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How to create a two-way navigation map

Creating interactive infographics with plain Javascript (Part-three)

Recap

This article is a five-part series on creating interactive infographics with plain Javascript.

Previously we added navigation features to interact with content. We can scroll, zoom, pan, or drag a large canvas any way we like.

Integrated usage (so far)

Did you notice something special? There’s a mini-map that responds to user actions. What’s going on?

Objective

We are going to add a map locator to enhance navigation.

Introduction

Map locators are useful for exploring large canvases. It is a simple yet effective visualisation gadget that provides continuous updates on the current locations. The gadget is also ideal for illustrating thematic relationships among interacting components.

Concept

The map locator comprises a miniMap and a location indicator. A miniMap is a scaled-down version of the actual-sized canvas. The location indicator is an icon or a marker that states the user’s current location.

You can use the map locator in two ways:

  • When visitors scroll/zoom/pan/drag the canvas, the indicator automatically moves to its new position. You’ve seen that in action at the earlier intro/recap demo video.
  • Conversely, visitors can also use the indicator itself to interact with the canvas. You can either drag the indicator or point-and-click on any areas to navigate to any new regions.
Navigate by mini-map: drag bracket, or, point-and-click

Getting started — the concept of action and reaction

Recall from the part-two discussion that we have a concept of action and reaction for our UI? In gist, an action on a mouse produces an equal reaction on an HTML element. For example, a cursor movement causes the canvas to move by the same distance. This mirroring effect is measured as the mouse delta value.

We’ll apply the same concept to build the map locator. A delta movement of the location indicator translates into a new relative scroll value on a bigger canvas. We can map this both ways to create a versatile two-way navigation gadget.

Prepping the miniMap container

Create a reference to the miniMap container. It will stay on top of the canvas to guide navigation.

var miniMap = document.getElementById( “miniMap” );

Create a reference indicator that exists inside the miniMap container.

var indicator = document.getElementById( "indicator" );

Use any method to generate your miniMap. We’ll take a shortcut and use a scaled down static image of the canvas.

<img src=”myMap.jpg” id=”miniMap”>

Remember to use z-index to set the correct order of appearance.

Navigating with the indicator

Add an event listener to capture the mouse delta value of the indicator and update the new relative scroll position of the canvas.

miniMap.addEventListener("mousedown", handlerIndicator, false);
function handlerIndicator(event) {
if (event.which == 1) {
// formula
}
}

The formula should dynamically update the canvas scroll value based on the relative mouse delta value:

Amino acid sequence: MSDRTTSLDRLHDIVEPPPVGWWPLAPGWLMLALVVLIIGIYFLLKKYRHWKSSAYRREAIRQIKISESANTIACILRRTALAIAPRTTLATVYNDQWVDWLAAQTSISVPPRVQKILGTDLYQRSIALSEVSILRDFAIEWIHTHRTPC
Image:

canvas.scrollTo( 
( canvas.scrollWidth * (event.clientX - boundingbox(0, 0, miniMap).x) / boundingbox(0, 0, miniMap).w ) - canvas.offsetWidth/2,
(canvas.scrollHeight * (event.clientY - boundingbox(0, 0, miniMap).y) / boundingbox(0, 0, miniMap).h ) - canvas.offsetHeight/2
);
  • canvas.scrollTo tells the browser to execute a scroll whenever a mousedown event on the miniMap is detected.
  • event.clientX and event.clientY returns the X and Y coordinates of the mouse cursor. These values are dynamically updated by the browser engine.
  • scrollWidth returns the width of the canvas (i.e. the parent container).
  • event.clientX — boundingbox(0, 0, miniMap).x) / boundingbox(0, 0, miniMap).w translates the relative indicator movement onto the actual-sized canvas.
  • canvas.offsetWidth/2 and canvas.offsetHeight/2 initiates the correct scroll offset values.

We have created a one-way navigation aid. Let’s make it two-way.

Navigating the canvas

Create an event listener to call a custom function handler_mouseScroll whenever interaction is detected on the canvas (i.e. scroll/pan/drag)

canvas.addEventListener("scroll", handlerMouseScroll, false);
function handlerMouseScroll(event) {

var scrollpercentX = canvas.scrollLeft / canvas.scrollWidth;
    var scrollpercentY = canvas.scrollTop / canvas.scrollHeight;
    indicator.style.left = miniMap.offsetWidth * scrollpercentx
+ "px";
indicator.style.top = miniMap.offsetHeight * scrollpercenty
+ "px";
...
}
  • scrollpercentX and scrollpercentY gives the conversion ratio for calculating the relative scroll values on the mini-map.
  • miniMap.offsetWidth and miniMap.offsetHeight gives the dimensions of the miniMap.
  • indicator.style.left and indicator.style.top updates the position of the indicator on the mini map.

Next Steps

With a two-way navigation gadget, visitors can explore a large canvas without getting disoriented. We can create infographics that are sophisticated yet easy to use.

In the next article, we’ll design a UI that can represent the information architecture of multifaceted content.

If you enjoyed this story, you can find more at Pageii Studio.

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